WHAT EXACTLY IS A SUBJECT ALTERNATIVE NAME (SANS) OR WILD CARD?
Wildcard certificates provide protection for an entire domain and up to 250 subdomains. Now, with the addition of SANs, you can purchase any Wildcard SSL certificate, making it simple to control and save money on a wide range of subdomains. The following is an illustration of this:
Website Address (Primary Domain)
Mail.example.com, Blog.example.com, IT.example.com, Portal.example.com, HR.example.com, Login.example.com, and Shop.example.com are all Subject Alternative Names (SANs) for the same domain.
SSL Wildcard Certificate: What Is It?
The domain name of wildcard SSL certificate field of an SSL/TLS wildcard certificate might contain the wildcard character (*) instead of a specific domain name. This means that the certificate can be used to protect numerous hosts with the same base domain.
A shell expansion process is used by the client to verify the subdomain name in this certificate.
When you combine their features, you may protect an enormously larger collection of domains and use them on an unlimited number of sub-domains.
What is the procedure for incorporating SAN?
An additional 250 SANs may be added to your certificate at no cost as an optional feature during your Wildcard SSL/TLS purchase.
Warning: Before installing a wildcard certificate, make sure the server in question can handle them by consulting the software’s documentation.
SSL/TLS Wildcard Certificates: Compatible with Every Server and Browser?
Most servers support Wildcard SSL/TLS certificates. Consult your service provider if you need clarification.
Can I use the same IP for all of my subdomains?
Yes. A single IP address can serve multiple subdomains because a single certificate will be used to secure all of the subdomains for a given domain name.
There is no need to update the license.
A wildcard SSL certificate eliminates the need for several certificates to secure web traffic for your company, as it applies to all subdomains. To give an example, a single wildcard certificate for “*.google.com” can be used to protect all of Google’s domains, including “www.google.com,” “mail.google.com,” and “calendar.google.com.”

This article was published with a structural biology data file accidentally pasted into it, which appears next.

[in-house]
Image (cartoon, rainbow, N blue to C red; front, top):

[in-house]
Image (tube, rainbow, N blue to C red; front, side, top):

There are two primary kinds of wildcard certificates:
Quick delivery is possible for domain-validated (DV) certificates after purchase, but proof of domain ownership is required.
Only legally established organizations are permitted to utilize Organization-validated (OV) certificates, and your business details will be included there. However, there is an approval process you must go through.
In the case of wildcard SSL certificates, the private key is shared between all of the subdomains. When a certificate signing request (CSR) is generated, a private key is also generated. As part of the certificate installation process, you’ll need to make a copy of the private key for each server where it will be utilized.
In comparison to a standard SSL, what does a wildcard SSL offer?
Wildcard certificates, both ordinary and extended, offer powerful encryption. Wildcard certificates, on the other hand, cover a much broader range of subdomains than regular ones do.
With a UCC/SAN certificate, you may secure up to 250 domains and subdomains with a single SSL certificate, while a wildcard certificate only covers subdomains in an unlimited number.